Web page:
7. PROMOTING LANGUAGE LEARNING AND LINGUISTIC
Commission Staff Working Paper: Promoting Language Learning and Linguistic Diversity Consultation.
|Document originated:||13 November 2002
|Deposited in Parliament:||25 November 2002
|Department:||Education and Skills
|Basis of consideration:||EM of 6 December 2002
|Previous Committee Report:||None
|To be discussed in Council:||Not applicable
|Committee's assessment:||Politically important
7.1 This consultation exercise is part of the process
of building upon the achievements of the European Year of Languages
(EYL) 2001. It has been produced in response to an invitation
to the Commission from the Education Council of 14 February 2002
to draw up proposals to promote language learning and linguistic
diversity in the EU.
7.2 The purpose of the document is to invite responses
to seven specific questions. On the basis of the responses, the
Commission will develop an Action Plan by July 2003.
7.3 The first six questions ask how the Commission can
best help Member States to:
- ensure that all citizens are able to communicate in at least
two languages in addition to their mother tongue;
- increase the range of languages taught;
- improve the quality and quantity of teacher training, and
monitor the effectiveness of language teaching;
- develop more easily comparable methods of testing language
- integrate support for regional, minority, migrant and sign
languages into education and training programmes; and
- create a more "language friendly" environment.
7.4 The final question asks what steps Member States
themselves should take in these areas.
7.5 The main part of the working paper creates a context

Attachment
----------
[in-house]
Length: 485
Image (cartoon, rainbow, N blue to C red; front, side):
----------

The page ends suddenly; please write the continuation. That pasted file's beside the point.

for these questions, covering all aspects of language learning
in a wide-ranging commentary. It points out that intercultural
communication will be a necessity in an enlarged EU with 500 million
citizens, as well as a key to world competitiveness. Although
many EU citizens are already multilingual, language competence
is not equally spread as a function either of age or of social
class. The range of languages is limited: 41% of Europeans speak
English as a foreign language; 19% speak French; 10% speak German;
7% speak Spanish and 3% speak Italian. No other language achieves
even 1%. Although the report acknowledges the advantages of using
English as a lingua franca, it also notes the limitations
inherent in concentrating on one foreign language only.
7.6 The working paper emphasises the key role of teachers
and the importance of teacher training. It also notes the significance
of higher educational institutions in promoting multilingualism.
It underlines the value of overseas visits for both teachers and
7.7 The document reports that language learning in primary
education is becoming more widespread. While this is welcome,
it needs teacher training and investment to support it. The practice
in some Member States of making foreign language learning optional
is noted with concern.
7.8 Beyond mainstream education, language learning in
the workplace is identified as important. The working paper also
notes the position of those with special needs. It makes a case
for familiarisation with the less widely spoken languages, and
touches on the special attention required by Europe's regional
and minority languages in order to keep them alive.
7.9 An annex lists existing education and training programmes
which support language learning.
The Government's view
7.10 The Minister of State for Lifelong Learning and
Higher Education (Margaret Hodge) points out that there are no
policy or financial implications as this is simply a consultation
document. Any Action Plan developed as a result of the consultation
exercise would only have to be acted upon if it was endorsed by
the Council in either Conclusions or a Resolution, either of which
would require unanimity. The Minister reminds us that the target
that all EU citizens should learn at least two languages as well
as their mother tongue was set at the Barcelona Spring Council.
7.11 We thank the Minister for her Explanatory Memorandum
which provides us with an excellent summary of the document. As
it says little about her view of the issues, however, we ask for
a copy of any government response to the consultation paper. We
clear the document.